As the 1956 war showed, Egypt is of critical importance to the survival of the West, thanks to the Suez Canal. Egypt recently arrested 8 Shia Hezbolla terrorists before being able to carry out an attack, thanks to Mossad intelligence. Al-Qaida is training to the south of Egypt, in Somalia, where it would like to take control of Egypt and strangle the West's economy. So what we would see in Egypt, if Mubarak's regime falls, is a cold war between Iranian backed Shias, and Saudi backed Wahabis (al-Qaida), as well as all out assault on Israel in collusion with Hamas in Gaza and Hezbolla from Lebanon (you might wonder where the Palestinian people would fit into a plan like this, I wonder too). In other words, something much worse than Afghanistan or Iraq. Yet Garner seems to take the argument for 'propping up of regimes' at face value.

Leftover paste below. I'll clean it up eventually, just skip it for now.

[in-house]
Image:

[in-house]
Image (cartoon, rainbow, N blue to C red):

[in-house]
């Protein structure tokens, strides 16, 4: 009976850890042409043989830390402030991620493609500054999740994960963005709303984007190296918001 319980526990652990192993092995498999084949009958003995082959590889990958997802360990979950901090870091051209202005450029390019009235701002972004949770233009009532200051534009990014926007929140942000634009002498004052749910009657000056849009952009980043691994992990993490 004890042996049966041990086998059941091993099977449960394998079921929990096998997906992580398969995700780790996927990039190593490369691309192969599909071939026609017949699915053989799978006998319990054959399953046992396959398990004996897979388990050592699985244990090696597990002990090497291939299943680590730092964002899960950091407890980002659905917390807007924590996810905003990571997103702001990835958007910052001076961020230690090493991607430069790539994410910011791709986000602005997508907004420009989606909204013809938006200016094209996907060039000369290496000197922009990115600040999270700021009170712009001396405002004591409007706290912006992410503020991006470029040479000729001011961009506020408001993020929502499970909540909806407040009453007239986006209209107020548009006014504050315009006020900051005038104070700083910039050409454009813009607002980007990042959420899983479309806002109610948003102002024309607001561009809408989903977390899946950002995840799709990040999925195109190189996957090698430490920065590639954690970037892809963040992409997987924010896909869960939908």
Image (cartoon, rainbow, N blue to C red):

So what could Obama do in a situation like this, presuming he'd not only read this book, but listen to a range of experts and analysts.

The West cannot create democracies in every Middle Eastern country. It would bankrupt the West to even try, as we can see from Iraq and Afghanistan; which is exactly why the media-savvy supporters of terror, hijack such grievances for their own ends.

Personally, I don't think the democracy of Turkey can be replicated elsewhere in the Middle East. The Turks are not Arabs and have a long history of colonising many places; they were world travellers (so to speak) and imported much culture and customs from their former colonies. They are a different people to the puritanical Wahabists of the Arabs currently spreading like wildfire (the long-time enemy of the Turks, incidentally). But I totally agree that a new strategy needs to be devised by the West...